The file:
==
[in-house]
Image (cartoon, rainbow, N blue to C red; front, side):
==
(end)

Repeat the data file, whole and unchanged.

[in-house]
Image (cartoon, rainbow, N blue to C red; front, side):